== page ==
On a brighter note, the weather was wonderful for this morning’s walk, my dogs were well behaved, and coffee is always there for us and wants us to be happy.

Until next time, may you care for yourself with ease.


PKIFNE #12: Diffie Hellman Groups

Greetings programs!

Today’s post is an excerpt from my CCIE Security notes, and it has a useful table of Diffie Hellman groups, which you can use as a job aid in IPSEC VPN designs. I Hope you find it useful.

About Diffie Hellman

The key bit of magic that makes IKE (Internet Key Exchange) possible is Diffie-Hellman. Diffie-Hellman allows anonymous entities to calculate a shared secret that can’t be discovered by a third party listening to the exchange. What’s amazing about it is the peers are able to do this using two different passwords that they keep private and never exchange. DH is one of the earliest examples of Public Key Cryptography.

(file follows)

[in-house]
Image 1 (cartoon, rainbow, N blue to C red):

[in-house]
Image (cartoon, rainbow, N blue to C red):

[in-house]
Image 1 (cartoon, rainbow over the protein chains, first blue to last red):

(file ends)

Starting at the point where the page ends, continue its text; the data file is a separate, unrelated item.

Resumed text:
Key points

  • Diffie-Hellman does not provide authentication. It’s used to assist in creating a secure channel for authentication
  • Diffie-Hellman does not provide encryption. It provides the keying material for encryption.
  • Diffie-Hellman is used for control plane functions only.


At a high level it works like this:

If side a and side b use the same generator and modulus, resulting values from step 5 and 6 should be the same. This shared key is used as an input to the negotiated encryption algorithm.

In the case of Diffie-Hellman The generator and Prime (g,p) are predefined values (defined in a number of different RFCs) which are referenced as Diffie-hellman groups. The larger the Generator and Prime are, the more difficult it is to break. As computational power has increased substantially since the first DH groups were defined, the old groups are no longer safe to use.